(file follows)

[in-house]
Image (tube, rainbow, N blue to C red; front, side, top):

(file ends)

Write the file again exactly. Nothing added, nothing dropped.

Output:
[in-house]
Image (tube, rainbow, N blue to C red; front, side, top):